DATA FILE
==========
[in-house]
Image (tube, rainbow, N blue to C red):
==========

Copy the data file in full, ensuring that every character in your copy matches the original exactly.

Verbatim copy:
[in-house]
Image (tube, rainbow, N blue to C red):